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February 4th, 2010, 04:03 AM   #1
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Proof of a subset of integer numbers and linear combinations

Assume that the set S is a subset of integer numbers. Assume it has a property that if numbers x and y belong to S then their integer linear combination nx + my also belongs to S. Prove that either S consists from one number zero or there is a positive number d such that any other number in S is proportional to d.

I already proved that it consists only of zero when x=y=0 and that otherwise there is a positive number that belongs to S, but I can't figure out how to prove the last part. I'm pretty sure that d must be the gcd, but I'm not sure if I have to prove that too.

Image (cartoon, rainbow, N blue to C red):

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February 4th, 2010, 06:27 AM   #2
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Re: Proof of a subset of integer numbers and linear combinations

I'm not sure what you say you've proved. It consists only of zero, except when it doesn't?

How about this: for every x, y in S, x - y is in S (because their linear combination with (n, m) = (1, -1) is in S). Following the Euclidean algorithm, you can see that gcd(x, y) is in S.
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